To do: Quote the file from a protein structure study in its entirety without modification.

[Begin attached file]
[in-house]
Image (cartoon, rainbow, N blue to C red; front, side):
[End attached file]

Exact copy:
[in-house]
Image (cartoon, rainbow, N blue to C red; front, side):